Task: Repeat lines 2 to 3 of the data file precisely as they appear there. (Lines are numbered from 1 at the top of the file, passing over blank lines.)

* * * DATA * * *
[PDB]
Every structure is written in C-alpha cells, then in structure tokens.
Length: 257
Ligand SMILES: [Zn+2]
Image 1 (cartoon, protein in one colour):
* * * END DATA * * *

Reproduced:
Every structure is written in C-alpha cells, then in structure tokens.
Length: 257